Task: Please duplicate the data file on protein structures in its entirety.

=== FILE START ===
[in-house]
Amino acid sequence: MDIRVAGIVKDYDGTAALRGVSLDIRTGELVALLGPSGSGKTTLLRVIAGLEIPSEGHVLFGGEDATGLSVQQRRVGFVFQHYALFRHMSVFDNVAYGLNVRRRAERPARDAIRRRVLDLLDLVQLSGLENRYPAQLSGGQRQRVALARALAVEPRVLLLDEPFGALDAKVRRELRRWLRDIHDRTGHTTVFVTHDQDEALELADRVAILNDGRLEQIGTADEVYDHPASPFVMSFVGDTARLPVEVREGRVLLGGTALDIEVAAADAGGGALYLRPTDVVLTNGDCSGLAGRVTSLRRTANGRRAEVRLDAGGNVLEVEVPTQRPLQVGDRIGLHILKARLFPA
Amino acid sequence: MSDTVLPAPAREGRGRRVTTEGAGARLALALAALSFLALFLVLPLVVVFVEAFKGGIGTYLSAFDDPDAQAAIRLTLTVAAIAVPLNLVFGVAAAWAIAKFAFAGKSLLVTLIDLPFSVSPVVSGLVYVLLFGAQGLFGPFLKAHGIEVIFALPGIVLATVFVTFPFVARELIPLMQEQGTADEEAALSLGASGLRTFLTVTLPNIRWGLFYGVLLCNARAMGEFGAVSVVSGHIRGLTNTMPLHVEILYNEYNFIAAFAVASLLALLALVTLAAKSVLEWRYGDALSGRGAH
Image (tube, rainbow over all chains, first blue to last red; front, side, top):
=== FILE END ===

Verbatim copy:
[in-house]
Amino acid sequence: MDIRVAGIVKDYDGTAALRGVSLDIRTGELVALLGPSGSGKTTLLRVIAGLEIPSEGHVLFGGEDATGLSVQQRRVGFVFQHYALFRHMSVFDNVAYGLNVRRRAERPARDAIRRRVLDLLDLVQLSGLENRYPAQLSGGQRQRVALARALAVEPRVLLLDEPFGALDAKVRRELRRWLRDIHDRTGHTTVFVTHDQDEALELADRVAILNDGRLEQIGTADEVYDHPASPFVMSFVGDTARLPVEVREGRVLLGGTALDIEVAAADAGGGALYLRPTDVVLTNGDCSGLAGRVTSLRRTANGRRAEVRLDAGGNVLEVEVPTQRPLQVGDRIGLHILKARLFPA
Amino acid sequence: MSDTVLPAPAREGRGRRVTTEGAGARLALALAALSFLALFLVLPLVVVFVEAFKGGIGTYLSAFDDPDAQAAIRLTLTVAAIAVPLNLVFGVAAAWAIAKFAFAGKSLLVTLIDLPFSVSPVVSGLVYVLLFGAQGLFGPFLKAHGIEVIFALPGIVLATVFVTFPFVARELIPLMQEQGTADEEAALSLGASGLRTFLTVTLPNIRWGLFYGVLLCNARAMGEFGAVSVVSGHIRGLTNTMPLHVEILYNEYNFIAAFAVASLLALLALVTLAAKSVLEWRYGDALSGRGAH
Image (tube, rainbow over all chains, first blue to last red; front, side, top):